01/11/2011

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A Sign of the Times: Yale Pulls Investment in Urban Education Yale University is shutting down its teacher preparation graduate program in urban education—a small, focused, and intense program—as well as its undergraduate early childhood education and secondary certification programs by the end of 2012. The university plans to reinvest these funds in a Promise scholarship program offering full state college tuition for New Haven public school students. Tara Stevens, a graduate of the soon-to-be-obsolete master’s program, considers the program a long-term solution to educational obstacles in New Haven, particularly the wealth-opportunity gap. She claims Yale is only throwing money at the problem by creating a new program. Others from the school have concerns that while the Promise scholarship program will help some, ultimately, because of its hard-to-attain standards, the “promise” for many area students will remain out of reach. The university is not the first to go down this path. West Virginia instituted a similar Promise scholarship program in 2001. However, the “whys” behind their decision raise larger questions about the future of our education system. Can a scholarship program benefit the education system as much as a rigorous, high-quality teacher preparation program? The reality is attendance is down in teacher education programs everywhere. The Panetta Institute for Public Policy released survey findings stating that interest in becoming a public school teacher has fallen from 45 percent in 2006 to just 28 percent in 2010. What do you think about replacing a rigorous teacher preparation program with a scholarship program? Why are college students less and less interested in becoming...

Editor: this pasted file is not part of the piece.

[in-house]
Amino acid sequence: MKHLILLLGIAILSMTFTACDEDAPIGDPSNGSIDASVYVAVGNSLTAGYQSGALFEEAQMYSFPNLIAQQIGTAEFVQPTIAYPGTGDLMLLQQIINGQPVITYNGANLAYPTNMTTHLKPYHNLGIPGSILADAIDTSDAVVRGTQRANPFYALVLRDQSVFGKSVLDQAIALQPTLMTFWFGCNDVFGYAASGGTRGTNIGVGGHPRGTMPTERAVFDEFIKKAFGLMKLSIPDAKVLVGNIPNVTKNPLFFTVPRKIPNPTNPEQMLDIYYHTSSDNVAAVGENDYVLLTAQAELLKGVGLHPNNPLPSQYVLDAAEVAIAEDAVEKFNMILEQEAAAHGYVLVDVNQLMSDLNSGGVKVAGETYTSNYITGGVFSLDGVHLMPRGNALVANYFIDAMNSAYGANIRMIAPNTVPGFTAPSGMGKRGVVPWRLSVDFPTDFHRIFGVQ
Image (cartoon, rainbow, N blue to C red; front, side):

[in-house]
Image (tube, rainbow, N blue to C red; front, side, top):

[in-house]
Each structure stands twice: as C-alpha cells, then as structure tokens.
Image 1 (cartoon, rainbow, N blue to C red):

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Making the case for bottom-up change in school reform In President Obama’s State of the Union address last week, he called out the Bruce Randolph School, a turnaround school here in Denver. Once one of the worst-performing schools in Colorado, Bruce Randolph graduated 90 percent of its seniors last year—and 87 percent of them headed to college a few months ago. Obama attributed the school’s success to reform that is not just “a top-down mandate, but the work of local teachers and principals; school boards and communities.” So how did they do it? According to a Denver Post article, then-Principal Kristin Waters first asked all teachers to reapply for their positions (only 6 out of 40 remained). Then, the school became the first in Colorado to be granted “innovation” status, a move that allowed it to operate more like a charter school, granting it autonomy from district and union rules and giving it more flexibility in terms of budget, hiring decisions, schedule, calendar, and incentives. Waters said the school succeeded, ultimately, because it created “the supports for students, teaching them to ask for help and giving them that help…It was all about best practices, holding teachers and students accountable and creating high expectations.” These factors are also at the heart of ongoing school improvement efforts in McLeansville, North Carolina, at Northeast High School (NEHS), which has moved from the academic “watch list” to the county’s “most improved school,” having increased test scores sharply for two years in a row. Since 2007, the school has seen double-digit gains in the...

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